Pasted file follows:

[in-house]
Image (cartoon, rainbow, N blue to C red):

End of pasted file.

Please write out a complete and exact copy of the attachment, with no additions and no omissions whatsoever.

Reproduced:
[in-house]
Image (cartoon, rainbow, N blue to C red):